In any case, thanks for your help.
 

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Slow warm up. Rice in the sock, i hope was not hot. Or who knows, probably, it was too late. At least you tried.
 

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On the next occasion you find a bird out in the cold that appears to be suffering from hypothermia, try using a electric hair dryer. Blow warm air under the wings and in the birds face. Birds control their inner body temperature by the air sacs in their breathing system, so getting warm air into them with a hair dryer often works well. If you are out on the street somewhere, find a mens' rest room (or woman's) in a restaurant or store that has an electric hand dryer., and hold the bird face up into the hand dryer these places often have.

As an emergency measure it works well although some customers may see and wonder what it is you are up to.
 

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On the next occasion you find a bird out in the cold that appears to be suffering from hypothermia, try using a electric hair dryer. Blow warm air under the wings and in the birds face. Birds control their inner body temperature by the air sacs in their breathing system, so getting warm air into them with a hair dryer often works well. If you are out on the street somewhere, find a mens' rest room (or woman's) in a restaurant or store that has an electric hand dryer., and hold the bird face up into the hand dryer these places often have.

As an emergency measure it works well although some customers may see and wonder what it is you are up to.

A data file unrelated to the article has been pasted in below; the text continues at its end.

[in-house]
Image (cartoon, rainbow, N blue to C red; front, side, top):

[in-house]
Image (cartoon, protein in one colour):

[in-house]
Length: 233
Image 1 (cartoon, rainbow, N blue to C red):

I most certainly would not reccomend washroom driers !!!
1 - they are far too hot
2 - they are also too powerful

It is also not a good idea to blow dry air directly into a birds face,
by all means some lightly warmed air around and under wings, and from a distance with continual movement of the drier as constant up close heat from a drier can burn, even at a low temp.
 

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I've used a hand-held 1000-Watt hairdryer to dry pigeons quite often, after a necessary bath, almost never on the high setting. (Normally I let pigeons bathe themselves. I'm not a cleanness freak, in my opinion).

If the hot air steam was too hot for my inner wrist, it was too hot for the pigeon.

Also, I did not blow directly into the pigeon's face, so he did not inhale hot dry air. With my lung condition, I hate inhaling hot dry air, or even extremely hot damp air, so I won't subject a pigeon to something I feel is unnecessarily unpleasant.

I move the dryer back and forth over the pigeon's body so that there is no opportunity and not enough time for a hot spot to occur.

If the pigeon seems stressed after a minute or so, I stop.

For most of my cold rescues, I wrap them in a nylon tote back I usually carry with me, and tuck them inside my coat or sweater, next to my chest. If I can't do that, I hold them enveloped in my hands. When my hands feel warm from the build-up of reflected heat, I know the technique is working.

If I were in a public washroom hand dryer situation, like Qazar/Bob C says, they are too hot and too powerful. I would then try to deflect the air flow, so that the pigeon was in the backwash. Maybe bounce the air off a coat or rag or whatever balanced or draped over my thigh (to protect my thigh from the heat), or hold the pigeon near the floor, several feet away from the dryer nozzle.

Usually when I'm taking a rescue home (by bike or on foot, or on streetcar or bus), someone might think I'm pregnant or have recently developed a curious potbelly. LOL.